Four Ways to Make Metrics Really Count
Sometimes it’s worth reminding ourselves that the most important skills and tools for organizational success aren’t the ones that cost a lot or are difficult to execute. Often they are the forgotten fundamentals; the mundane but effective techniques that can really help. Developing and using metrics, even in the smallest team deep-down in the org chart, is one of those areas. Get started or re-embrace your commitment to metrics and you’ll be pleasantly surprised at the results.
Rediscovering what gets measured gets managed
Are you able to view or run a report at a moment’s notice and determine how well your organization is doing in a specific area of, say, sales or service delivery? If you can then I congratulate you. You have timely data to help you make informed decisions for leading your organization to success.
Sadly, for many leaders this simply isn’t the case. Why might that be? Reasons can range from simply not making performance metrics a priority to not having the skills or systems to provide the desired data. Whatever the reason, a leader and a team without access to timely data is at a considerable disadvantage. Make metrics a priority and you can change the game in your favor entirely. Imagine being able to spin up a dashboard of data about things that really matter to your team and its objectives?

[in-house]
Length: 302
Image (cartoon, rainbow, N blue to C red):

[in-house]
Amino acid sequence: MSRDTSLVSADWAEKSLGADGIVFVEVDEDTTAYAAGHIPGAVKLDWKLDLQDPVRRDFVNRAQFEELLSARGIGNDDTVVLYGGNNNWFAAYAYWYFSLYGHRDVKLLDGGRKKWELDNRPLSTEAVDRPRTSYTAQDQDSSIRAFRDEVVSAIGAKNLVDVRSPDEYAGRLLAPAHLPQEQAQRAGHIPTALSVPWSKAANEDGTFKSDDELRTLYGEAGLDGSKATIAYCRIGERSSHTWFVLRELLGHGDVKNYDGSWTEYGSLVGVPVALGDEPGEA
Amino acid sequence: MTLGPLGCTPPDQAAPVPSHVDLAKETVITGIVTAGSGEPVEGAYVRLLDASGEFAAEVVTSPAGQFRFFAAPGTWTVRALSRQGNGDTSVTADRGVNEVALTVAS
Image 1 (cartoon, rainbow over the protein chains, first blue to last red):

A discussion that incorporates relevant metrics lends itself to rational, data-driven decision-making. It reduces emotions and anecdotes and helps everyone focus on action. It’s one hallmark of high-performing teams.
If you’ve reached this far I gather you’re curious to learn more. Thank you. I now offer four ideas to make metrics really count for you, your team, and your organization.
1. Aim High, But Start Simply
It’s natural to begin the thought process for a metrics dashboard by believing you need to start with skilled talent; a data warehouse; and some form of data visualization tool. These things become more important over time, but let’s not start there. What matters most at the beginning is to get everyone convinced that the effort is worthwhile. Develop your best arguments for why data-driven decision making is good for everyone. Focus on the eventual positive outcomes.
Next, create an inventory of data that is currently collected and available right now. Don’t let the conversation drift to the desire to start collecting what you don’t already have. That will come later. It may be ugly, but every team has some form of existing data collection.
How about tools? Without any purchasing investment, there are amazing things that teams can do by simply using their existing productivity software or free online spreadsheets. In one of my teams, we did that for an extended period until we were ready to make tool investments. It’s doesn’t have to be pretty, it just has to be useful.
With some basic data sets and a modest tool, you’ve got yourself a metrics dashboard.
2. Have Regular Metric Review Meetings
For many teams, collecting data and preparing it for review can seem like a worthless chore. There’s a common belief that few look at the reports and they offer no value to the decisions that matter. This is unfortunately validated as truth in many instances.